Why Luca Turin stopped his quarterly updates to The Guide?


It is always a pleasure to speak with Luca, of course I did not ask him directly why he and Tania had stopped but rather I expressed how much I missed his reviews.

He told me that I could not imagine how boring and deluding it was to smell 2000 perfumes a year, 1500 of which were totally inept.

I imagine he would love to write epic reviews about great fragrances, about perfumes that would inspire to him new parables and analogies, that would make him imagine new words and concepts, that would allow him use his great culture to describe the subtle and strange harmonies of scents. Instead of that he became tired of always having to find new “vacheries” (nastinesses) for products of fine perfumery barely worthy of being shampoo fragrances.

“At least shampoo producers do not pretend to make fine perfumery, this is making a joke of the customers” he said.

“There is a new perfume called Scarlet, it is so ugly that I prefer to have tooth ache rather than smelling it”

“The perfumers have to deliver always cheaper perfumes at always shorter notice, such as 2 weeks, they have no idea at all”

“The industry cannot go ahead like this, something will happen.”

For those who love to read Luca and wonder why he stopped writing about perfumes, the answer is very simple, he has lost interest in the perfumes that are produced nowadays. Life being short, perfumes being just perfumes and love being greater, I think he found a better outlet to concretize his creative genius and to live intensely the moment.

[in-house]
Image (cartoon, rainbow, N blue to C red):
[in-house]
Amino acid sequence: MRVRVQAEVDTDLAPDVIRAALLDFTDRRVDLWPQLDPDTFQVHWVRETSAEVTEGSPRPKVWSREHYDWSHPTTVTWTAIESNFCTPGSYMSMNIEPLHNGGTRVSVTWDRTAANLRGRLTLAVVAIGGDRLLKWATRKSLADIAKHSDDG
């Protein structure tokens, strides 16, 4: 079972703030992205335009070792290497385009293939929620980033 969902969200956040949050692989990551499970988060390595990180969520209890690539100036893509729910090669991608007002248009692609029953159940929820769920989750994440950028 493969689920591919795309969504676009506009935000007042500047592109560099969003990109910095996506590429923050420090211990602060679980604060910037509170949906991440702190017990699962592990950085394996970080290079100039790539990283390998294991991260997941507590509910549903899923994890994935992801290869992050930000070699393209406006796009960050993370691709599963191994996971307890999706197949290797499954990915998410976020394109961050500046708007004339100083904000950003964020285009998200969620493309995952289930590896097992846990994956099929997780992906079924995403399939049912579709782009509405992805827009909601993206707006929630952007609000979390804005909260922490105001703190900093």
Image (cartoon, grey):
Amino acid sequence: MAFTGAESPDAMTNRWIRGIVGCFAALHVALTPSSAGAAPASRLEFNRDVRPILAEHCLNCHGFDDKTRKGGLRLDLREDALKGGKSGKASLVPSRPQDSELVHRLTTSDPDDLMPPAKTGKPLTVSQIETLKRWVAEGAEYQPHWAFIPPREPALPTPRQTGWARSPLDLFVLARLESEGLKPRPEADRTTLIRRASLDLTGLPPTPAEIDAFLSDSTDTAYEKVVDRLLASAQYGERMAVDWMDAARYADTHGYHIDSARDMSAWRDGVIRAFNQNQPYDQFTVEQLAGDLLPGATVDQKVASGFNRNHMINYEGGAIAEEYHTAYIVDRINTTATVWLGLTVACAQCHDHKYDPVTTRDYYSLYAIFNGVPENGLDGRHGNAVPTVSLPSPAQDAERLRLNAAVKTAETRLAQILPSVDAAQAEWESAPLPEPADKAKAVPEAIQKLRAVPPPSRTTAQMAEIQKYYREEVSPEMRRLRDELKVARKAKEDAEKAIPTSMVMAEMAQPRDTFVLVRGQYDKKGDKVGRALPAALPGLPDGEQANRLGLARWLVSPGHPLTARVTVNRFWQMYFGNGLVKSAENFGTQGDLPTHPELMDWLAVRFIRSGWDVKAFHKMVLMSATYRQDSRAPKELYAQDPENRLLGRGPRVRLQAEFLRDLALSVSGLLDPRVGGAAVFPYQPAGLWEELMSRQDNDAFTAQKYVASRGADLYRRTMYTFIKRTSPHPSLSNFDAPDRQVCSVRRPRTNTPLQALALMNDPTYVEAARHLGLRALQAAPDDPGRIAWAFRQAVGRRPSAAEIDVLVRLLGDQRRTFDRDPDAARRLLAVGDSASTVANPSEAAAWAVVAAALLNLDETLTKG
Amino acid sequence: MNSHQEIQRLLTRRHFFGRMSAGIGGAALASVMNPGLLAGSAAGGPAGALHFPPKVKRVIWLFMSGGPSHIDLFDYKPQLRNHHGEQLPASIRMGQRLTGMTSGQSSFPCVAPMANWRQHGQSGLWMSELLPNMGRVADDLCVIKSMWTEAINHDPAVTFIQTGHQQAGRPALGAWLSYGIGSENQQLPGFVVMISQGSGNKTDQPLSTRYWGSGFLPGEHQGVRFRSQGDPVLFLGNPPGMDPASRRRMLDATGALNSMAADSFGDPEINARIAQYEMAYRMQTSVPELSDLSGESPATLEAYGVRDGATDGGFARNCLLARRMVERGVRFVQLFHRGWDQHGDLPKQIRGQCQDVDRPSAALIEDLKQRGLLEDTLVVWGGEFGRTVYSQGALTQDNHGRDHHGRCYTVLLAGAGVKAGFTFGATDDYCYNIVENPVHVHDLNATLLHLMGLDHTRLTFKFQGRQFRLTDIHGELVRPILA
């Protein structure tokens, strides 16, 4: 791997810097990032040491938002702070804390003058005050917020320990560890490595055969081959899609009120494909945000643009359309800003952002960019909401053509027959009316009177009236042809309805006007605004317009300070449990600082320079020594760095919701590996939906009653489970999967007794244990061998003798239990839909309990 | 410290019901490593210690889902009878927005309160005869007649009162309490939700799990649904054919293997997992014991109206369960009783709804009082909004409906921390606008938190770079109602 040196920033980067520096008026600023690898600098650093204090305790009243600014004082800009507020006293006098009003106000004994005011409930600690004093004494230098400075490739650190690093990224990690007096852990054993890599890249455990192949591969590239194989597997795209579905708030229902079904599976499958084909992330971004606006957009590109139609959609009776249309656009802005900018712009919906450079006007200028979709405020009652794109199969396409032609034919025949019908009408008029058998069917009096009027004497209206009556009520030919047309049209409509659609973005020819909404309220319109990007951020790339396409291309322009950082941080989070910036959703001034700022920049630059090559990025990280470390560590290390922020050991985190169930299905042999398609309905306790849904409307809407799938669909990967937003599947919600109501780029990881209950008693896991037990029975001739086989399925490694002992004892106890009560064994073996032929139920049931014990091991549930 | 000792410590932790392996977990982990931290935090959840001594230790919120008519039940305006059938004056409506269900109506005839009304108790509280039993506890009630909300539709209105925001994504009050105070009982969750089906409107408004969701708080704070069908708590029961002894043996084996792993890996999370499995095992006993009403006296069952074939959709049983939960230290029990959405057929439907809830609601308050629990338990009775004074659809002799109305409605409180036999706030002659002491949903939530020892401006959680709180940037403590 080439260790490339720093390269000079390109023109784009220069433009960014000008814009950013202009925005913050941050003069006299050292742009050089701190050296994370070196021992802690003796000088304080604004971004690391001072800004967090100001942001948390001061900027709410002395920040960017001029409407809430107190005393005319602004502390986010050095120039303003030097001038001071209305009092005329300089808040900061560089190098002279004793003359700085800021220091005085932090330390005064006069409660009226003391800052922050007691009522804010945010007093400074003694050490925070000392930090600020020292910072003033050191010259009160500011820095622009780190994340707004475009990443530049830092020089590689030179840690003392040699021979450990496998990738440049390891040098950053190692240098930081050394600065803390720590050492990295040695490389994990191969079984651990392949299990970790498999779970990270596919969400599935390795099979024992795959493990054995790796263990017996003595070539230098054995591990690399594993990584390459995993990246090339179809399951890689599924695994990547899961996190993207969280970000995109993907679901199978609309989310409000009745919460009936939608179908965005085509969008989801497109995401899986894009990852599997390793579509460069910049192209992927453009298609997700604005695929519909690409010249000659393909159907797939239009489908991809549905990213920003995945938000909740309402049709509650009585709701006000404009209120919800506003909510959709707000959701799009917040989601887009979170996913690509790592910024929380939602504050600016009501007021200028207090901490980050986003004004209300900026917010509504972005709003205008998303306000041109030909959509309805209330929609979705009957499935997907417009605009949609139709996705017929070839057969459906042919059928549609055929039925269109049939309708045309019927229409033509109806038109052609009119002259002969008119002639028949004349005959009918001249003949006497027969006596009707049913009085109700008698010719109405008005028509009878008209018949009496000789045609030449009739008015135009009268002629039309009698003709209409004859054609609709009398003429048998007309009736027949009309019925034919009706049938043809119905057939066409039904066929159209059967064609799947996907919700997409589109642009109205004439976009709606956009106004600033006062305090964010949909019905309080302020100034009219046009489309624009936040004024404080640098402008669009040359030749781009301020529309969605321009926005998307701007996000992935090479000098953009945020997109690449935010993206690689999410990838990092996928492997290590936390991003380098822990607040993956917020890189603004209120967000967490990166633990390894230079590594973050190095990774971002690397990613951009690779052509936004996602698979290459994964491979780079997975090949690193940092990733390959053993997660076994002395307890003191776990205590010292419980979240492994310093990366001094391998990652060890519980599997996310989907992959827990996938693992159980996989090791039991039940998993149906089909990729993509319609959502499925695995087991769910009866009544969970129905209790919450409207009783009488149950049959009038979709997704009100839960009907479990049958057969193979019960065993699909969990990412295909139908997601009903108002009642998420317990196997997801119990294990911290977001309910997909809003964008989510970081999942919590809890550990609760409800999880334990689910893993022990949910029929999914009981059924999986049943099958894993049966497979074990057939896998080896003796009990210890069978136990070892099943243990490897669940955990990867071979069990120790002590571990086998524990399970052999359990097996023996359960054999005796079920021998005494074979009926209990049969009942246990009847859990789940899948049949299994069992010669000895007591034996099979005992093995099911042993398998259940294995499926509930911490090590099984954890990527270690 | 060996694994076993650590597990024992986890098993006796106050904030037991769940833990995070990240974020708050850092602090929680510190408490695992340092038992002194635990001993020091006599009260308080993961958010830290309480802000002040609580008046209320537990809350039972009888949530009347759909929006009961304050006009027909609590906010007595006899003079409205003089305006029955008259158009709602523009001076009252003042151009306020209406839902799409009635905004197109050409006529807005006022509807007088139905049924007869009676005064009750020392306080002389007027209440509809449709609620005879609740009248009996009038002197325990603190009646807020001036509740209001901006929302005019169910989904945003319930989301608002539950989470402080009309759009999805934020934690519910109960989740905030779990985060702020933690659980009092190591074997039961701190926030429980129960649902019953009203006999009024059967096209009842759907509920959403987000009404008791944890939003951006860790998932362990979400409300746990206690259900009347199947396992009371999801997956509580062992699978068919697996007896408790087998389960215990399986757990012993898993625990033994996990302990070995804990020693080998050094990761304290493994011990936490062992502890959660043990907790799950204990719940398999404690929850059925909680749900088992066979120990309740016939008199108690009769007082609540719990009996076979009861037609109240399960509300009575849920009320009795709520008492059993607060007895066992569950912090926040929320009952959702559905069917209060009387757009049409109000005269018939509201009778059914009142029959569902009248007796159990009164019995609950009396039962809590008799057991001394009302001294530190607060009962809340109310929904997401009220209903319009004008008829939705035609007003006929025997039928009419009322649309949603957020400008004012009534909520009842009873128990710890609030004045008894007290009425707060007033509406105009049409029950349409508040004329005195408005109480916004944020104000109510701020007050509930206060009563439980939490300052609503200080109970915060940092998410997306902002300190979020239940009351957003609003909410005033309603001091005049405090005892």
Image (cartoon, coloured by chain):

Olfactory theories, Luca Turin speaks…

Two different olfactory theories. Do we smell the shapes or the vibrations of molecules?
Explained in a brilliant humoristic way by Luca Turin himself.

New essences from Australia

New essential oils are just arriving to me from Australia, Eco Sandalwood and Fire Tree.

Australian Sandalwood is precious to me as a substitute to Mysore Sandalwood. Not only a minor quantity is enough to have the top and heart note of Sandalwood in a fragrance, but it costs also a lot less than the Mysore.
It does not have the clean and very special drydown of the Mysore, but this is not very important because the delicate smell of the Mysore sandalwood dry down would be lost in most of the fragrances a perfumer can make, except if he were to use synthetic Santalol in heavy dose.
Australian Sandalwood is farmed, just like the Mysore, it’s availability is anyway limited but one may always buy a few hundred kilos if need be, while this would be very difficult with the Mysore. This is definitly an advantage for a natural perfumer who wants to be ready for big opportunities.
Australian Sandalwood contains more Farnesol than the Mysore, and this molecule can be allergenic, but this problem could appear only if it is used pure on his own.
The Eco Sandalwood does not come from cultivations but is obtained from dead branches of wild trees that are collected by the bushmen.